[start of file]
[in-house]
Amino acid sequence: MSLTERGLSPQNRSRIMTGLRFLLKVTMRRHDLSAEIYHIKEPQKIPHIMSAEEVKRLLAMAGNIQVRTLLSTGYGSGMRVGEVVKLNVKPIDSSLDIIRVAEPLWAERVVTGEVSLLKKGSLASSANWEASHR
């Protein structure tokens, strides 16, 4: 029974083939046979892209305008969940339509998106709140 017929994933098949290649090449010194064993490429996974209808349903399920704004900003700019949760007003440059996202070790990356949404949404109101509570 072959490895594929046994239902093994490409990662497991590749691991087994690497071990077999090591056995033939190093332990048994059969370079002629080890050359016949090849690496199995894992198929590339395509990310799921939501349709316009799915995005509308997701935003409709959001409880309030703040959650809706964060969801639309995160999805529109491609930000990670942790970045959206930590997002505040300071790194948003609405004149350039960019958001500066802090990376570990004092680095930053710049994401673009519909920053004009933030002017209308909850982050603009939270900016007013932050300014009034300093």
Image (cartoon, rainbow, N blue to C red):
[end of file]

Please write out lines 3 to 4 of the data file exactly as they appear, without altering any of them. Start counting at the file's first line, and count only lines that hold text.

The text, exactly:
């Protein structure tokens, strides 16, 4: 029974083939046979892209305008969940339509998106709140 017929994933098949290649090449010194064993490429996974209808349903399920704004900003700019949760007003440059996202070790990356949404949404109101509570 072959490895594929046994239902093994490409990662497991590749691991087994690497071990077999090591056995033939190093332990048994059969370079002629080890050359016949090849690496199995894992198929590339395509990310799921939501349709316009799915995005509308997701935003409709959001409880309030703040959650809706964060969801639309995160999805529109491609930000990670942790970045959206930590997002505040300071790194948003609405004149350039960019958001500066802090990376570990004092680095930053710049994401673009519909920053004009933030002017209308909850982050603009939270900016007013932050300014009034300093």
Image (cartoon, rainbow, N blue to C red):